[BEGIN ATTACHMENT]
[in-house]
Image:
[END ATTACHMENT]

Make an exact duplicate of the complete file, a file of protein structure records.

[in-house]
Image: